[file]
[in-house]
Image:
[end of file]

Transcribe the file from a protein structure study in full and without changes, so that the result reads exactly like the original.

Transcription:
[in-house]
Image: